Joseph Calleia: From Malta to Motion Pictures

Here’s a gent you surely know without knowing: Joseph Calleia (Joseph Alexander Caesar Herstall Vincent Calleja, 1897-1975). Calleia was never a top star, but he played some key roles in some very well known movies. For example, he was Jeff a.ka. “The Masked Bandit”, Mae West’s love interest in My Little Chickadee (1942), much to the consternation of those who root for W.C. Fields. And he’s almost unrecognizable as Menzies, Orson Welles‘ sad sack sidekick and later informant in Touch of Evil (1958). There are lots more, but these are the two performances that I have the most times and hence know the best.

Calleia was mostly cast in line with his Spanish surname and Latin looks. But it is interesting to learn that he was neither from the Iberian penninsula nor the Americas, but the island of Malta, that fascinating crossroads between Europe and Africa, which at various times throughout history has been the football of Phoenicians, Carthaginians, Greeks, Romans/Italians, Arabs, the Spanish and the French. At the time Calleia was born it had been an British colony for over 80 years, Calleia was of good family; his father was an architect and tried to get him to study engineering. Instead, when quite young he organized a harmonica band. Sent to school in London, he sang in music halls dessed as a Scotsman. He served in the British Merchant Navy in WWI. Two years in, his ship was torpedoed. After a long convalescence he was discharged and moved to the U.S., where he tried to break into American vaudeville, and performed for U.S. soldiers, and served briefly himself in the army.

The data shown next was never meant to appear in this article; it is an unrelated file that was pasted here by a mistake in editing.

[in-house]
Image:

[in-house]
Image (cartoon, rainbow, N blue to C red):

When vaudeville didn’t pan out, Calleia tried regional stock theatre. By 1920 had worked his way to Broadway in the play Pietro starring Otis Skinner. Calleia was in nearly a dozen Broadway productions through the mid-30s, the most notable of which were the original production of The Front Page (1928-29) and Grand Hotel (1930-31).

Calleia’s swarthy good looks made him quite castable in Hollywood during the Pre-Code years. His first screen role was that of “Juan” in My Sin, written and directed by George Abbott, with whom he had first worked on Broadway a decade earlier. His five dozen screen credits include supporting roles in Riffraff (1936), After the Thin Man (1936), Algiers (1938), Marie Antoinette (1938), Juarez (1939), The Gorilla (1939), Five Came Back (1939), Golden Boy (1939), Wyoming (1940), The Monster and The Girl (1941), The Jungle Book (1942), The Glass Key (1942), For Whom the Bell Tolls (1943), Gilda (1946), Vendetta (1950), Valentino (1951), Martin and Lewis’s The Caddy (1953), and John Wayne’s The Alamo (1960).

In 1963, Calleia returned to Malta to retire. Legend has it that he was one of the people Francis Ford Coppola reached out to portray Don Corleone in The Godfather. Don’t scoff — he’s one of the few actors who were considered who might have been better than Brando in some ways.

For more on vaudeville history, please see No Applause, Just Throw Money: The Book That Made Vaudeville Famous, and for more on classic comedy read  Chain of Fools: Silent Comedy and Its Legacies from Nickelodeons to Youtube.